Businesses can get ‘REAL’ with social media | Kelly Maloney
By KELLY MALONEY
Federal Way Mirror Marketing 101
October 30, 2009 · Updated 12:12 PM
Social media is being woven into the fabric of society as a conduit for meaningful exchange between businesses and their audiences.
As a platform for promoting your business, it warrants a deeper understanding of how to engage your audiences through social networking, blogging and other online interfaces.
Networking can be a “push” type of communication, where an entity pushes information out to audiences that may or may not be interested. Adding a “social” element, in which audiences have the option of providing feedback, is one of the most integral ingredients of successful social networking activities. This can be said for blogging and e-mail, which also allows the author to respond to user comments.
Which is why you need to get REAL, an approach to social media I’ve developed to help my clients understand the most important activities they can undertake in this medium to achieve significant results. REAL expands on the tenets of traditional marketing principles, applying them to the online realm.
To get REAL, organizations need to be Relevant, need to know how to Engage their audiences, need to be Authentic and valuable, and need to Listen and learn.
If you aren’t relevant to the needs of those you’re reaching out to, you don’t exist. Regardless of the effort you put into your product or service, or the coupons you throw at customers, or the blogs you spend hours writing, if none of it strikes a chord or if you're on the wrong sites, you won’t benefit from any of it.
How do you make sure you’re relevant? Just as you would for a traditional marketing campaign, do your market research. Know your audiences. Know where they get their information. Know who their opinion leaders are. Know what’s important to them. Know your own messaging.
One of the most important aspects of Relevancy is to know where your customers are or where they are willing to go. Are they receptive to Twitter? Are they lurking on Facebook? What about LinkedIn or Squidoo? Are they on industry specific blogs? Would they come to your blog?
The rules of engagement in social media are ramped up. Here, you have the opportunity to have a dialogue with your audiences. This is a way to build trust and loyalty. And, audiences are quickly coming to expect it. If your online strategy is to simply post information, your audiences will turn to your competitor, who’s engaging their customers in two-way communication.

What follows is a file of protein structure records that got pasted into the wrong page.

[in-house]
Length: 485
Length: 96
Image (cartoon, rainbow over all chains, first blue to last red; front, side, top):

The key take away is to not only promote yourself, but be receptive and responsive to your audiences.
This could include anything from creating online “clubs” or "friendships." It may mean showing your interest in their offerings through your public posts on their pages. Or, it may be simply responding that you got and appreciate their comments.
Authenticity and value
People are busy. If they feel your posts are self-aggrandizing, overly exaggerated, smoke and mirrors, and not worth their time, they’ll tune out quicker than you can sign into your account.
It’s OK and welcome to present valid news and updates about your company. Signed a new contract Great! Make sure your audiences know about it. Your employees volunteered at a homeless shelter? Commendable! Make sure your audiences know about it. You’re offering a two-fer? Terrific! Make sure your audiences know about it.
Keep in mind that it’s OK to not post anything for a while if you have nothing substantial to announce. Customers will appreciate the “silence” more than if you were posting irrelevant information. The more authentic you are and the more value you bring to your audiences, the more likely they are to continue to engage with you.
Listen and learn
If you could get inside your customer’s head (figuratively speaking, of course) to learn what he was thinking, would you take that opportunity? If you did, would you respond to those insights by validating your findings, then taking any necessary and appropriate actions to meet those needs and wants?
An extension of the Engagement phase is to listen to (or take note of) your audience's input and learn from it. You’ll gain valuable information about how your customers feel about your products and services, and possibly how they feel about your competitors’ products and services. When warranted, validate this information through surveys or other research, and take action when necessary, remembering to be authentic. Don’t make promises you can’t keep and don’t be reactionary by extending your business in a direction it’s not meant to go in.
Keeping your online presence REAL can go a long way toward helping you achieve your overall business objectives.Contact Federal Way Mirror Marketing 101 Kelly Maloney at email@example.com or (253) 632-0381.